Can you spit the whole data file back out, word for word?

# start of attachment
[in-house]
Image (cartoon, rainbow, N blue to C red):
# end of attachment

[in-house]
Image (cartoon, rainbow, N blue to C red):